First, in the context of the acute difficulties some form of unconventional resource mobilization was necessary and indeed unavoidable if the functioning of essential services was to be sustained. The evolution of ‘socialization,’ is inextricably linked to patterns of public expenditure and strengths and limitations in governance institutions. Correspondingly, the appropriate line of inquiry is not whether Viet Nam would have been better or worse off with or without ‘socialization,’ but rather how Viet Nam might have fared or may fare in the future given particular means of mobilizing and allocating resources, patterns of public expenditure, and institutional reforms.

This brings us to the second point, about institutions and governance in Viet Nam’s broader political economy. There are indeed striking similarities to be observed between what is occurring in services and in the economy at large. Over two decades, large flows of resources have been channeled into the productive sectors of Viet Nam’s economy, Investment rates at over 40 percent of GDP since 2005 are among the highest in the world. The efficiency of this investment r is, however, decreasing according to such measures as Incremental Capital Output Ratio (ICOR) and Total Factor Productivity (TFP). Juxtaposing Viet Nam’s productive and social sectors has an obvious implication: Analysis of problems narrowly associated with ‘socialization’ – such as formal and informal fees and non-state provision of services – cannot provide wholly satisfactory answers about the political economy of services in Viet Nam; underlying problems, such as resource constraints and institutional weaknesses, also require consideration.

As in many areas of public policy in Viet Nam, ‘socialization’ policies have frequently taken the form of ex-post responses to already existing practices,” reflecting the “trial and error” approach that was common in Vietnam at the early stages of the Đi Mi reforms. What has not been sufficiently emphasized is how the ad-hoc measures and formal policies have shaped and reinforced interests and incentives in the provision and payment for essential services. In undertaking efforts to enhance or move beyond ‘socialization,’ Viet Nam will need to address the needs of those working in the delivery of services and to overcome entrenched resistances to institutional reforms through appropriate regulations and the use of selective incentives. This, in turn, requires a more nuanced understanding of the challenges surrounding the provision of payment for services in Viet Nam across different geographical, socioeconomic, and organizational contexts, as well as the relevant experiences of other countries.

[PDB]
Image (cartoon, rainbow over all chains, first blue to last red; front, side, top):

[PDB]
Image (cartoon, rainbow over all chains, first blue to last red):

Layout of the paper and reiteration of aims

The remainder of the paper is organized as follows. The second section examines the evolution of ‘socialization’ ideas, policies, and practices. The third section clarifies how ‘socialization’ affects Viet Nam’s welfare mix and distinguishes principal modes of ‘socialization,’ such as co-payments and the diversification of service delivery models. The fourth section evaluates the efficacy and efficiency of ‘socialization’ policies in light of stated aims. The fifth and sixth sections examine the mechanisms that mediate effects of ‘socialization’ policies in the education and health sectors, respectively. Many of the limitations of ‘socialization’ policies stem from weak accountability. The sixth section addresses these weaknesses. The conclusion summarizes key findings and offers an agenda for research, consultation, and reform.

This paper cannot claim to be comprehensive in its coverage or exhaustive in its depth. It aims to provide a sufficient basis for an informed discussion of issues which, though long recognized as significant, have rarely been the subject of a thorough-going and forward looking analysis. At a time when Vietnamese are actively weighing constitutional reforms, such an  analysis can make constructive contributions to ongoing normative debates and policy choices concerning the meaning of citizenship, services, and the social contract in Viet Nam’s ‘socialist-oriented’ market economy.



[1] Based on calculations of Vũ Quảng Việt, in consultation with the author.